Gun Running? UK Couple Tried to Bring Rocket Launchers Home From Ukraine

Who hasn’t fibbed a little while coming home from a foreign vacation when asked, “Anything to declare?” Perhaps you bought a few more expensive gifts than you’d like to admit, or perhaps it included some spirits for friends and colleagues. In most cases, getting caught with such items is likely to result in a fine — unless, of course, you attempt something really stupid like Claire Danes in “Brokedown Palace.”

Narcotics smuggling is something many governments rightfully take very seriously, but even bringing home certain historical objects like a sword or antique firearm can be a very serious problem. This is true of firearms that are no longer operative. Military surplus is increasingly becoming a gray area for collectors.

Sometimes people don’t realize it is going to be a problem until they find out the hard way.

Such was a case earlier this summer when a British couple was detained in Calais after declaring a pair of U.S.-made rocket launchers into the UK. Though they didn’t try to smuggle the items into the country, it still caused quite a ruckus!

Anything to Declare? Just a Pair of Rocket Launchers!

The pair had reportedly recovered the two M141 Bunker Defeat Munition (BDM) rocket launchers while doing aid work in Ukraine. The twist in this case was that they weren’t actually trying to hide the fact that they had the items. The couple was asked if they had anything to declare while they were queuing up for the ferry, explained an investigating source.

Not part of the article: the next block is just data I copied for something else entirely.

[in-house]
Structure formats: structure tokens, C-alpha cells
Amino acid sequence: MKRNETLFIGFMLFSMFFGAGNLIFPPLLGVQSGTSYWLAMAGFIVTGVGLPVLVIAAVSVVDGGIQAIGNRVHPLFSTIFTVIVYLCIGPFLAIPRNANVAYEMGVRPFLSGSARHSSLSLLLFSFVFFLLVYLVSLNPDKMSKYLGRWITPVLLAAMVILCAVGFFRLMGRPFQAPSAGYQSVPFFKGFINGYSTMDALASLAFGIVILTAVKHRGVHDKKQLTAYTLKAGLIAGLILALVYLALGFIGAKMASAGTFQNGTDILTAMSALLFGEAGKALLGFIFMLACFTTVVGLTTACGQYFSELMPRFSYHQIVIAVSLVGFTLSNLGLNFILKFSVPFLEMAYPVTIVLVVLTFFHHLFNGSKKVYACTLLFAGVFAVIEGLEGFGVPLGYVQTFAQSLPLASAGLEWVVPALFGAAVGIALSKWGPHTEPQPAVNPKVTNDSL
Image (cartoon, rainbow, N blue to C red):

M141 Rocket Launcher
Who wouldn’t want to bring home something cool like an M141 Rocket Launcher from an overseas trip — it beats a t-shirt or shot glass! (Public Domain)

“The reply from the young couple was a simple yes – they wanted to declare two rocket launchers and other military equipment that they had been given in Ukraine while on a humanitarian mission,” the UK’s Evening Standard newspaper reported.

In addition to the rocket launcher, the couple said they also had 14 bullet casings in the van, as well as the remains of a bulletproof jacket that had been seriously damaged in combat. The so-called “Bunker Busters” were found wrapped in cellophane in the back of their van.

Quite the Declaration and Reaction!

The port immediately declared an emergency and the people were evacuated from the area while a bomb disposal team was scrambled to the port. Official reports noted that the rocket launchers were “decommissioned,” and both were destroyed out of precaution.

However, to those in the know, this could be described as a case of much ado about nothing.